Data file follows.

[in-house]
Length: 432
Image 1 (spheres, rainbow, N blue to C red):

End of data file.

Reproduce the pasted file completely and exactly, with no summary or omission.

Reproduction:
[in-house]
Length: 432
Image 1 (spheres, rainbow, N blue to C red):